Concept: Think about books that are written around the premise "What if..." What if animals could model a communist society (Orwell)? What if we could implant dreams Okay, Inception is a movie, not a book, but same idea). These books can be philosophical or politically pointed or just trippy. Having some abstract idea as the focus of a book seems to give the author a little bit more leeway than usual in terms of minimizing the other aspects. Its okay that the specific pigs in Animal Farm don't have much dimension, because that's not really the point. I think that concept novels are fairly ambitious, and can either be fascinating or just end up as massive fails. I also think, though, that even the massive fails earn some degree of respect just because it is such a challenging task to push a theory through and make it work. The ideas can be complex like in Inception, or hypothetical (what if Adam and Eve had never gotten kicked out of paradise?) or just allegorical for society, like The Lord of the Flies. The single most important thing is to make the central idea new, original, and interesting. Then, just try to pursue it as far and as clearly as possible.

Language: Some books are just all about the way that they are written; experimental styles, flowing diction, whatever. Some means are more mainstream now- like writing in an alternate format (diary entries, emails, etc.) Some are just distinguished by their style. Lolita reads like music. Not because of any trick, but because Nabokov is just a beautiful, beautiful purveyor of prose. This is another difficult one. If you want to focus on writing style, deeply, deeply acquaint yourself with words. Read dictionary lists. Play with flow, style. Which words sound good? How does word order change meaning? Etc. I'd start by doing writing exercises before even starting to write "the big one": Things like, describe an object using words that sound like the idea they are expressing (flinty- hard, succulent- juicy, etc). Or write using no grammar, or write complex concepts super simply or visa versa, making the simple complex (concert--> melodious cacophony of sound facilitated by instruments of music, compounded and elevated by microphones and projected in order to reverberate in the eardrums of a waiting audience). Just get ready to be actively engaged and thinking the whole time you are writing.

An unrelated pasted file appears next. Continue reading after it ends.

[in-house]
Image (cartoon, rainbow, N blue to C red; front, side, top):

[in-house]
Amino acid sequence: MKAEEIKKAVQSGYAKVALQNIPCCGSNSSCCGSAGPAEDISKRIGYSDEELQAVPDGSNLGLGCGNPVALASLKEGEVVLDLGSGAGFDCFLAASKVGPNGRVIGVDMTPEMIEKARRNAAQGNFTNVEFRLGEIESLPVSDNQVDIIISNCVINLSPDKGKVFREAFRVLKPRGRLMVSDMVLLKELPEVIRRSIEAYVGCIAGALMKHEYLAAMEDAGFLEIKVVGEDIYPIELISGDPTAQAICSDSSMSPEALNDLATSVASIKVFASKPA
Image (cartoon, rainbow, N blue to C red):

Context: This is kind of a harder one. Mostly, authors achieve context through perspective. This is kind of like concept, except that instead of being hypothetical it is based in reality. Basically, context books derive their meaning from the origin of their creation real or imagined. These books are significant not necessarily for what they expressly say or the way that they said it, but from where they are supposedly saying it from. The most famous example is The Diary of Anne Frank. Yes, she's a great writer, especially for her age, and yes her story is compelling, but we don't read this in grade schools across the country because of the diction or the fascinating relationship between Anne and her mother: we read it because it was written by a girl who was actually living as a Jew in Nazi Germany. A book written by a survivor of Darfur in Sudan might write a book about his childhood. Even if nothing dramatic happened to him, the work would be valuable because of who he is. As a writer, the only way you can really impact the force of your voice in terms of actual context- that is sort of the luck (or lack thereof) of the draw. What you can do it write a story from the point of view of a specific person- tracing the way that that person would think and making that the point of your story. You could write an account of Napoleon's rise from his wife's perspective, or you could write as an autistic child. These stories tend toward the political, and if yours does, be very careful in choosing the way that you portray people of  a specific gender/ race/ type of person. Choosing your subject is everything here: pick something you feel is powerful and important, and immerse yourself.

1 comment:

  1. Huzzah for a useful writing technique that isn't "duh" or "well, I hate Jewel's music but if it helps..."